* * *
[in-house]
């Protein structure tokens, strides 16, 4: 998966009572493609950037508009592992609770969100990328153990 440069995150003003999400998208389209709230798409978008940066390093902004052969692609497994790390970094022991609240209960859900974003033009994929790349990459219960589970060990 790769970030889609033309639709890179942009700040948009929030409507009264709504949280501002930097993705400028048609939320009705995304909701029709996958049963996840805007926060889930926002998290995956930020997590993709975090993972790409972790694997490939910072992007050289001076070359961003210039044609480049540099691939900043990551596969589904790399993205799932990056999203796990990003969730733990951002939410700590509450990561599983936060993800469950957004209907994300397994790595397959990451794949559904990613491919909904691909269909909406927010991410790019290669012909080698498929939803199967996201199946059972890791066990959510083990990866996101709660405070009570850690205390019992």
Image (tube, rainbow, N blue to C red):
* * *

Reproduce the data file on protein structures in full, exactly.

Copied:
[in-house]
């Protein structure tokens, strides 16, 4: 998966009572493609950037508009592992609770969100990328153990 440069995150003003999400998208389209709230798409978008940066390093902004052969692609497994790390970094022991609240209960859900974003033009994929790349990459219960589970060990 790769970030889609033309639709890179942009700040948009929030409507009264709504949280501002930097993705400028048609939320009705995304909701029709996958049963996840805007926060889930926002998290995956930020997590993709975090993972790409972790694997490939910072992007050289001076070359961003210039044609480049540099691939900043990551596969589904790399993205799932990056999203796990990003969730733990951002939410700590509450990561599983936060993800469950957004209907994300397994790595397959990451794949559904990613491919909904691909269909909406927010991410790019290669012909080698498929939803199967996201199946059972890791066990959510083990990866996101709660405070009570850690205390019992």
Image (tube, rainbow, N blue to C red):